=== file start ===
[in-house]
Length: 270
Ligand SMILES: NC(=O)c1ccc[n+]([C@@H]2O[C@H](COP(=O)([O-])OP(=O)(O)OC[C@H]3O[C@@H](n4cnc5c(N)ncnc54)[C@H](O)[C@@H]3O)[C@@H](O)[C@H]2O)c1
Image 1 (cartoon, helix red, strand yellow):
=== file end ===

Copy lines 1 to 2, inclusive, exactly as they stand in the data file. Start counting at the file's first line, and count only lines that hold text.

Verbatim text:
[in-house]
Length: 270